October 09, 2017
This publication summarizes two recent, independent regulation developments under the Affordable Care Act (ACA). On October 6, 2017, the Trump Administration issued new rules that will allow more employers to opt out of providing no-cost birth control to women by claiming religious or moral objections. Employers with religious or moral objections will also be able to cover some birth control methods, and not others.
In addition, two days earlier, the Department of Health and Human Services (HHS) withdrew its proposed rules that would have required HIPAA covered entities (e.g., health plans) to certify to the HHS that their data and information systems comply with the Health Insurance Portability and Accountability Act's (HIPAA) electronic transaction standards and operating rules.
Under provisions of the ACA, the Obama administration had issued rules requiring most plans to cover all contraception methods that have been approved by the Food and Drug Administration with no out-of-pocket cost to women. The provision does not cover plans that have a grandfathered status under the law. That guarantee was previously whittled back through regulation and court actions to exempt some religious-based organizations, such as churches, and some privately held companies in which the owners have strong objections to contraception. Other nonprofit religious employers were offered an accommodation so that they didn't contract or pay for the insurance coverage for their workers.
The rules unveiled Friday expand those exemptions to any nonprofit organizations and for-profit companies with firm religious opposition, as well as health plans provided to students at colleges with a religious affiliation. A second rule extends an exemption to organizations and privately held companies that have moral objections. If an employer doesn't have any moral or religious objections to contraception coverage, current ACA guidelines still apply. Federal policy for programs that offer free or subsidized coverage to low-income women also will not change.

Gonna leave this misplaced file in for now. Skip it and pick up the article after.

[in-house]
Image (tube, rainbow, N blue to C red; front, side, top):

These new regulations are further explained in the following charts, reproduced from the Kaiser Family News October 2017 Issue Brief, "New Regulations Broadening Employer Exemptions to Contraceptive Coverage: Impact on Women", co-authored by Laurie Sobel, Alina Salganicoff, and Caroline Rosenzweig.
The rules become effective as soon as they are published in the Federal Register, which is expected on October 13, 2017, and can currently be viewed online at here and here. However, legal challenges to these rules have already begun.
In another ACA related issue, this past week HHS withdrew a proposed rule that would have required health plans to certify to the HHS that their data and information systems comply with the HIPAA electronic transaction standards and operating rules. These rules, often referred to as the electronic data interchange (EDI) rules, required covered entities (for example, group health plans) and their business associates to use standardized formats and operating rules when conducting certain electronic transactions.
The ACA specified an initial certification deadline of December 31, 2013, which was extended to December 31, 2015 under a proposed rule issued by HHS. However, this deadline was not enforced due to a lack of final guidance on the certification requirement. On October 4, 2017, HHS withdrew this proposed rule based on issues that have been raised regarding the HIPAA certification process. HHS has indicated that it will be examining these issues and exploring options and alternatives to comply with the ACA's requirement. This development is welcome news for group health plan sponsors, who will not be required to certify their HIPAA compliance until HHS issues new guidance.
Although health plans are not required to certify their HIPAA compliance at this time, there is an enforcement process in place for the EDI rules. Civil money penalties and criminal penalties may be imposed on a covered entity that fails to comply with the EDI rules. Thus, health plans and business associates that conduct standard transactions should confirm that they are complying with the EDI rules.
Health plan sponsors and their business associates should monitor whether HHS provides any additional guidance on the HIPAA certification requirement. They should also confirm that they are complying with any applicable electronic transaction standards and operating rules. As noted by HHS, there is already an enforcement process in place for these HIPAA requirements.
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